John Howard, the Australian prime minister, said at a joint news conference the day before with Helen Clark, his New Zealand counterpart, that Australia was committed to maintaining stability in the region.
"Being the largest and wealthiest countries in the region, part of our responsibility is to help," Howard said from Hanoi, where he is attending the Asia-Pacific summit.
Clark said the New Zealand troops would focus on providing security at Tonga's Fau'amotu International Airport. Air New Zealand has cancelled its flights to Tonga until Sunday.
Police said the capital, Nuku'alofa, was fairly calm on Saturday although two more shops on the outskirts of the city had been set alight overnight.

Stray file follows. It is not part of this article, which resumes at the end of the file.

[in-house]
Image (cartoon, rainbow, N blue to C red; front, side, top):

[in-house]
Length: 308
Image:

Sinilau Kolokihakaufisi, a police commander, told Reuters: "The situation is relatively calm and law and order seem to be restored."
The rioting began after parliament went into recess for the year without voting on proposals for sweeping democratic reforms to Tonga's semi-feudal system.
Late on Thursday, the government bowed to the protesters and agreed to new elections in 2008 in which a majority of the parliament would be directly elected by popular vote.
At present, nobles and appointed MPs outnumber elected representatives.